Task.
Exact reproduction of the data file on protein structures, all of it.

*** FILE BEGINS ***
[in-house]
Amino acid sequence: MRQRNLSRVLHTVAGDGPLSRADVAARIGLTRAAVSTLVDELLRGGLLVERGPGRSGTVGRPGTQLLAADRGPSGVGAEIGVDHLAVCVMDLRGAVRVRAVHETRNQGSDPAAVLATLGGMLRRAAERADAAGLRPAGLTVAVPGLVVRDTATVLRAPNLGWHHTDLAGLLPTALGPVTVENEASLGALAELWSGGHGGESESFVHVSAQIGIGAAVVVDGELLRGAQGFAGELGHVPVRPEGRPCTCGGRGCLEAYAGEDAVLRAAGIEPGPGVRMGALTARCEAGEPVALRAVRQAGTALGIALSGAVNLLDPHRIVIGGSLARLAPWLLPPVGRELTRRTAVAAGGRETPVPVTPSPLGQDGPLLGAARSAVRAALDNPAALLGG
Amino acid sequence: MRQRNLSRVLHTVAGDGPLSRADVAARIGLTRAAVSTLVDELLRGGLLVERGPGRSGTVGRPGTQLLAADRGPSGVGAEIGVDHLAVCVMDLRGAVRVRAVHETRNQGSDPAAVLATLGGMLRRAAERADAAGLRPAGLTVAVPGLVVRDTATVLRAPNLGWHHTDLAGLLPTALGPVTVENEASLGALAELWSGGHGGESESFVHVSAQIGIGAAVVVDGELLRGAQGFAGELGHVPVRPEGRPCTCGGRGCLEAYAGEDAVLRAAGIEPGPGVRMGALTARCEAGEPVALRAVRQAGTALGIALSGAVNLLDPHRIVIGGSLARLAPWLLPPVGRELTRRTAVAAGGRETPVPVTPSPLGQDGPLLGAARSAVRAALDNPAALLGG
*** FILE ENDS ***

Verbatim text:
[in-house]
Amino acid sequence: MRQRNLSRVLHTVAGDGPLSRADVAARIGLTRAAVSTLVDELLRGGLLVERGPGRSGTVGRPGTQLLAADRGPSGVGAEIGVDHLAVCVMDLRGAVRVRAVHETRNQGSDPAAVLATLGGMLRRAAERADAAGLRPAGLTVAVPGLVVRDTATVLRAPNLGWHHTDLAGLLPTALGPVTVENEASLGALAELWSGGHGGESESFVHVSAQIGIGAAVVVDGELLRGAQGFAGELGHVPVRPEGRPCTCGGRGCLEAYAGEDAVLRAAGIEPGPGVRMGALTARCEAGEPVALRAVRQAGTALGIALSGAVNLLDPHRIVIGGSLARLAPWLLPPVGRELTRRTAVAAGGRETPVPVTPSPLGQDGPLLGAARSAVRAALDNPAALLGG
Amino acid sequence: MRQRNLSRVLHTVAGDGPLSRADVAARIGLTRAAVSTLVDELLRGGLLVERGPGRSGTVGRPGTQLLAADRGPSGVGAEIGVDHLAVCVMDLRGAVRVRAVHETRNQGSDPAAVLATLGGMLRRAAERADAAGLRPAGLTVAVPGLVVRDTATVLRAPNLGWHHTDLAGLLPTALGPVTVENEASLGALAELWSGGHGGESESFVHVSAQIGIGAAVVVDGELLRGAQGFAGELGHVPVRPEGRPCTCGGRGCLEAYAGEDAVLRAAGIEPGPGVRMGALTARCEAGEPVALRAVRQAGTALGIALSGAVNLLDPHRIVIGGSLARLAPWLLPPVGRELTRRTAVAAGGRETPVPVTPSPLGQDGPLLGAARSAVRAALDNPAALLGG